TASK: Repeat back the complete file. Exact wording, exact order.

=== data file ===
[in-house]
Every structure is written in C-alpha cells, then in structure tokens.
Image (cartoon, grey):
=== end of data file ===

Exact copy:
[in-house]
Every structure is written in C-alpha cells, then in structure tokens.
Image (cartoon, grey):